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Opinion: Synchronisation of synergies in policing

2021-08-06  Staff Reporter

Opinion: Synchronisation of synergies in policing

Through the social contract, people have given up their duties and interests to the State for protection of their common values, the enforcement of their fundamental rights and freedoms as well as the creation of safer environments, suitable for human inhabitation. 

As such, the State, through its organs, all natural persons and juristic persons, including but not limited to local authorities, have an admirable duty to put in place mechanisms that will ensure the recognition, preservation and enforcement of the social contract. 

Therefore, it is through the realisation of the terms of the social contract that both the Namibian Police Force (Nampol) and the Windhoek Municipal Police Service (City Police) were established and continue to exist. 

Nampol is the country’s national police agency that is established in terms of article 118 of the Namibian Constitution and further given statutory recognition by section 2 of the Police Act, Act 19 of 1990 (Police Act), as amended. It is an agency that is tasked with the primary mandates of maintaining the law and order, preserving the internal security of the Republic of Namibia, preventing crimes, protecting life and property, and investigating offences and alleged offences as section 13 of the Police Act provides for.

Being a national police institution, it is expected that Nampol serves in all corners of the Republic of Namibia in the interest of all inhabitants, with no fear nor favour. 

On the other hand, City Police is a municipal police service agency, which belongs to the City of Windhoek, and all the inhabitants of the capital city of the Republic of Namibia. As a municipal police service, City Police is given original statutory recognition in terms of section 43C of the Police Act.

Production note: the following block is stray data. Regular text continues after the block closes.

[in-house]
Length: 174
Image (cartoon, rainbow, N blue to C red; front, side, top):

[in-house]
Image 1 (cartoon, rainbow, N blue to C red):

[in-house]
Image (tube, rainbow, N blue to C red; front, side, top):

In line with section 43C (2), it was established in terms of regulation 2 of the Windhoek Municipal Police Service Regulations as published under the Government Gazette No. 296 of 2004, as repealed by the Municipality of Windhoek: Windhoek Municipal Police Service Regulations – as published under the Government Gazette No. 32 of 2013 (WMPS 2013 Regulations). 

Some of the organisational mandates include but not limited to the enforcement of municipal by-laws, the enforcement of traffic regulations and the prevention of crime within the municipal district of Windhoek. 


United we stand

From the establishment of City Police, it is notable that the legislators intended to create synergies between the two law enforcement institutions. Common is that City Police was established for the ultimate purpose of complementing Nampol in the fight against crime and the enforcement of the social contract within the municipal district of Windhoek. 

For that, the daily administrative and operational activities of City Police are guided by the Municipal Police Service Regulations and the Memorandum of Understanding, which was signed between Nampol and the City of Windhoek in 2004. 

The said memorandum of understanding came as a result of strategic negotiations between the management of the two entities, and it serves as a document that limits the powers of City Police, such as granting them full policing power, except the power to investigate crimes or alleged offences. 

In recognition of their synergies, the managements of the two policing entities have in the past maintained a good cooperation on the ground. This is witnessed in the sharing of resources between the two police entities, through an explicit interrelationship.

 Exemplary, Regulation 65 of the WMPS Regulations provides for access to the facilities of Nampol by members of City Police. Amongst others, the said regulation provides that members of City Police may use facilities of Nampol for the detention of suspected criminals; the keeping of exhibits, found properties and other items confiscated pending investigations or a court case. 

Also, the regulation gives members of City Police access to the registers and records of Nampol for the purpose of recording all such information that they will need to, in the tour of their duties. Also, in terms of section 43C (4) the inspector general, who is the head of Nampol, has a paramount duty to determine the minimum standards of training that the members of a municipal police service should undergo, including City Police. 

These are some of the advantages of collaborated policing, which fosters resource sharing and strengthened relationships amongst both members of the management and ground officers.